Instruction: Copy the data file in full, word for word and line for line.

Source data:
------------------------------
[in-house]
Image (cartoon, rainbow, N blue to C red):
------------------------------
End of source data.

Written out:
[in-house]
Image (cartoon, rainbow, N blue to C red):